Introduction to Labor and Health Economics: Mobility of Medical Doctors in the Mediterranean Region

Introduction to Labor and Health Economics: Mobility of Medical Doctors in the Mediterranean Region

DOI: 10.4018/978-1-4666-9814-7.ch075
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This chapter introduces the main components of the book and focuses on the shortage in medical doctors, its causes, and its consequences. The implications on migration of medical doctors is also introduced. The role of the new economics of migration is identified as a promising research angle. A series of issues need to be analyzed in order to better understand the global health system and feed economic and social policies. These elements are discussed in relation to the outcomes of the new economics of migration of medical doctors in the context of the Middle East and North Africa (MENA), Eastern and Central Europe (ECE), and the European Union (EU).
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Shortage Of Medical Doctors, Migration & Global Health Systems

The above issues are discussed in this part with first, the introduction of shortage of medical doctors. This is followed by a focus on some factors that could lead to shortage before discussing migration and then by the on-going related policies.

Such components are likely to allow for an overall understanding of the links between shortage, migration and education besides the overall policies governing education, migration and health.

This problem has been identified and excessively discussed with the publication of the WHO report (2006) with the analysis of the patterns, issues and trends related to the workforce operating in the health systems. Among the background papers in this report, there is the one by Dal Poz, Kinfu, Drager and Kunjumen (2006) that dealt with counting health workers through data with showing the global results. The most promising publication on labor markets for the health workforce is the recent book edited by Soucat, Scheffler and Ghebreyesus (2013). While the book focuses on Africa, it provides important insights about the analysis of the health systems.

Ranson, Chopra, Atkins, Dal-Poz and Bennett (2010) argue that since human resources account for approximately 70% of recurrent expenditure in most health systems, inadequate human resource training, regulation, distribution and management can have enormous implications. To the authors, poor developing economies suffer from shortage of health-care providers and from the poor distribution of providers within the same country. These concern disparities in the distribution of health workers between regions, between rural and urban areas, and between public and private sectors. In Algeria with 8% of the population in Algiers, 24% of specialist physicians are located in this city. Similarities are found in other countries (Argentina, Egypt, Uganda and Tanzania). The working time, the level of efficiencies between private and public sectors are also discussed as expressions of implicit discriminations. But, to the authors this is a more general trend that is exaggerated in poor developing countries.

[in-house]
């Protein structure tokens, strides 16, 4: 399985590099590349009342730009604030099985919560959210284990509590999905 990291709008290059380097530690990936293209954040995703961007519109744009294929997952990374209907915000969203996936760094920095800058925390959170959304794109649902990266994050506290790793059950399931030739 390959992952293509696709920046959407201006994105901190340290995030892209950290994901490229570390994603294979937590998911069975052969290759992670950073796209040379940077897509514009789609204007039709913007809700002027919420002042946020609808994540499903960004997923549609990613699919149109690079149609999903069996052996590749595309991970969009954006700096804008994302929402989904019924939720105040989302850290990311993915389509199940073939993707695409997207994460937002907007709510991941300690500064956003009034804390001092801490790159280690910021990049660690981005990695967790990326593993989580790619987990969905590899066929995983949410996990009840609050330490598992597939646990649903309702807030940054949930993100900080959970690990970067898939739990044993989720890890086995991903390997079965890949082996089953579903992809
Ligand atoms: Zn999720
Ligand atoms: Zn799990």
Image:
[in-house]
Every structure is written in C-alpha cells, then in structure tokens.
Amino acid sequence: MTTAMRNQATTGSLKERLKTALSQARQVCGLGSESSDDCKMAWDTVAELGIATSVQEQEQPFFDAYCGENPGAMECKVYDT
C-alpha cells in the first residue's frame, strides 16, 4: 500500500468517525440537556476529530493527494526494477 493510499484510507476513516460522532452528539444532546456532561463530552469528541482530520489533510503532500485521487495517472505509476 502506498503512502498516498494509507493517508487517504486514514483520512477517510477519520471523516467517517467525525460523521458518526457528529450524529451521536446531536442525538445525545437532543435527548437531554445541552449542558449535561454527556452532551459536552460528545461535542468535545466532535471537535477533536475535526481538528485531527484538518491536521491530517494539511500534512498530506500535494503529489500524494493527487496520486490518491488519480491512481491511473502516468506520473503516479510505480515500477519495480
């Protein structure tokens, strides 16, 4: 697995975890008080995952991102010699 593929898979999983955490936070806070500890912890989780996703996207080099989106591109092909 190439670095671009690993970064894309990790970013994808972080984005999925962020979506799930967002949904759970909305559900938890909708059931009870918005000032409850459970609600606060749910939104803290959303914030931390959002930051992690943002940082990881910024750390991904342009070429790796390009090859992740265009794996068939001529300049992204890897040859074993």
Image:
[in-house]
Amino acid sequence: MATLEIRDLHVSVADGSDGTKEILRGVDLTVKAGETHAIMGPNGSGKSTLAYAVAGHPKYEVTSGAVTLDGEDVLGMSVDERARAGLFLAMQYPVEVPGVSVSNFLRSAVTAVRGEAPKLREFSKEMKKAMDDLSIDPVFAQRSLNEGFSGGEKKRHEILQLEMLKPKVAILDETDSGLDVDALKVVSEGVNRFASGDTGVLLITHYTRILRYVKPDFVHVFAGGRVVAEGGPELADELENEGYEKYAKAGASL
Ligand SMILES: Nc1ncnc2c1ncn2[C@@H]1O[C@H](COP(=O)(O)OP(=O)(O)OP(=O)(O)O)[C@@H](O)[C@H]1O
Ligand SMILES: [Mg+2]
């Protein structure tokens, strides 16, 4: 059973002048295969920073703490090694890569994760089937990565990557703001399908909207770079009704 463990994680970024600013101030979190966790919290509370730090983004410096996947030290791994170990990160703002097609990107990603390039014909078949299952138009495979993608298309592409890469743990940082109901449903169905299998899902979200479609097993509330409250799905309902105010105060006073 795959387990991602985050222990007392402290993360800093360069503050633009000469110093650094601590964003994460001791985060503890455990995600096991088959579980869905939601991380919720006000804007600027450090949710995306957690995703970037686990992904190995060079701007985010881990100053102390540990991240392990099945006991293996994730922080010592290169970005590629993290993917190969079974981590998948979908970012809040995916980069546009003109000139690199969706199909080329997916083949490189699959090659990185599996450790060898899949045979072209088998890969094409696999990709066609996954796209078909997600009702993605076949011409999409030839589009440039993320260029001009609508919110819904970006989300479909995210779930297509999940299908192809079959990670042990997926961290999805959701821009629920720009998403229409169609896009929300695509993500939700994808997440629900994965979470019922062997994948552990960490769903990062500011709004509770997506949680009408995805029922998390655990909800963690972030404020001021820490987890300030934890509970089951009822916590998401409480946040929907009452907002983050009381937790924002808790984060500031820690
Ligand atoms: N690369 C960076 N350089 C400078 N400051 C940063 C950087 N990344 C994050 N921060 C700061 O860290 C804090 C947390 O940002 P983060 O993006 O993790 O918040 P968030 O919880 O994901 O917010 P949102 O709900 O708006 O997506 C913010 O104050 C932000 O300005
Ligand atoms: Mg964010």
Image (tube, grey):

Ranson, Chopra, Atkins, Dal-Poz and Bennett (2010) have discussed the priorities for research on human resources for health in low and Middle income countries. The authors have used interviews of different stakeholders to find out about the major problems facing health workers and the type of research priorities needed. Twenty-one research questions are identified with some have never received attention in the reviewed literature. They include incentives for retention and attraction of health human resources to underserviced areas, the impacts of multiple employments and the use of optimal incentives to enhance quality of health care. A clear consensus about the type of policy problems faced by different countries and the nature of evidence needed to tackle them. Coordinated action to support and implement research into the highest priority questions identified here could have a major impact on health worker policies and, ultimately, on the health of the poor.

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